RPKI is a certification system that would prevent one network from masquerading as another to hijack its traffic. If the owner of a network—ranging from internet service providers to universities to medium-size companies—does not have the right certificate, the network would not be able to connect to the internet. The trouble, Reyzin and Goldberg found, is that this system would put a lot of power in the hands of large multinational and national network owners, like governments, and would create a new avenue for censorship. The controlling organizations would have the power to disconnect portions of the internet they found objectionable. A government would be able to take networks—for example, those hosting content it doesn’t like, such as a journalist’s blog—off-line. Reyzin and Goldberg have suggested modifications to the proposal that would alert networks to suspicious structural changes that could affect routing.
Although these structural maneuverings enable the routing of our communications, “it’s unlikely the end user will even know this is happening,” Goldberg says. We typically notice structural issues only when there is an internet outage, when the internet connection fails, or when traffic is hijacked. “This is like internet plumbing,” she says. “You don’t think about the plumbing until it stops working.”
The internet also has conspicuous problems that are just as insidious as those lurking in the pipes. In an infamous breach of Target stores in 2013, hackers installed malware at the retailer’s cash registers to capture financial information for more than 70 million customers—approximately one-fifth of the US population. The Department of Homeland Security estimates that more than 1,000 US companies were compromised by the attack—and many of them don’t even realize it yet. Every day, there’s another such incident that highlights the vulnerability of our personal data, so it’s no surprise that the question CAS computer scientists hear most often is: how can I protect myself?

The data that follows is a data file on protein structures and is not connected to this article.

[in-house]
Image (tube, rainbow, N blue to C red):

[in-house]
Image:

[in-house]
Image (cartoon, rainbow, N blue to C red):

“I don’t like the framing of this question,” says Reyzin. “It puts the responsibility on the individual, while technologists have not provided the right tools for individuals to protect themselves.” He compares the problem to a toaster: the device is designed with the user in mind. Its instructions are simple and its safety warnings are foolproof. We don’t need to understand electricity or the inner workings of the toaster to use it—as long as we don’t shove a metal knife in the slot, it’s likely we won’t get electrocuted while making breakfast.
“There’s no equivalent system for software,” Reyzin says. Our current security measures are weak, and there is no straightforward way for the typical internet user to evaluate whether a website or program is as secure as it claims to be. “It’s very hard for me to evaluate,” he says. “And I have a PhD in computer science.”
Reyzin is working to develop better security tools for internet users, including alternatives to the password system, which he describes as terrible.